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1997

Nomenclature

Articles 1 - 3 of 3

Full-Text Articles in Life Sciences

Problems In Cladistic Classification: Higher-Level Relationships In Land Plants, Peter R. Crane, Paul Kenrick Jan 1997

Problems In Cladistic Classification: Higher-Level Relationships In Land Plants, Peter R. Crane, Paul Kenrick

Aliso: A Journal of Systematic and Floristic Botany

Recent cladistic analyses of green plants recognize an extensive hierarchical series of relatively well-supported monophyletic groups. Translating this hierarchical pattern of relationships into a usable and informative written classification is important for purposes of scientific communication, research and teaching. However, in the context of the "Linnean" hierarchy, as manifested in the current International code of Botanical Nomenclature (ICBN), effecting this translation confronts substantial practical difficulties--especially the proliferation of hierarchical levels. These problems are exacerbated by the current emphasis of the ICBN on a hierarchy in which different ranks have different formal rank-based endings. These difficulties could be ameliorated by de-emphasizing ...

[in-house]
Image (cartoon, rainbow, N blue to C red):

Hierarchial Roots And Shoots Or Opera Jehovae Magna! (Psalms 111:2), Dan H. Nicolson Jan 1997

Hierarchial Roots And Shoots Or Opera Jehovae Magna! (Psalms 111:2), Dan H. Nicolson

Aliso: A Journal of Systematic and Floristic Botany

The philosophy of Linnaeus's classification, Systema Naturae, is briefly reviewed, as well as those of post-Linnaean systems of plant classification. Texts of current codes of nomenclature pertaining to hierarchy, including associated rank terminations, are compared.


The Linnaean Hierarchy And The Evolutionization Of Taxonomy, With Emphasis On The Problem Of Nomenclature, Kevin De Queiroz Jan 1997

The Linnaean Hierarchy And The Evolutionization Of Taxonomy, With Emphasis On The Problem Of Nomenclature, Kevin De Queiroz

Aliso: A Journal of Systematic and Floristic Botany

During the post-Darwinian history of taxonomy, the Linnaean hierarchy has maintained its role as a means for representing hierarchical taxonomic relationships. During the same period, the principle of descent has taken on an increasingly important role as the basis for reformulated versions of fundamental taxonomic concepts and principles. Early in this history, the principle of descent provided an explanation for the existence of taxa and implied a nested, hierarchical structure for taxonomic relationships. Although an evolutionary explanation for taxa contradicted the Aristotelian context within which the Linnaean hierarchy was developed, the nested, hierarchical structure of taxonomic rela· tionships implied by ...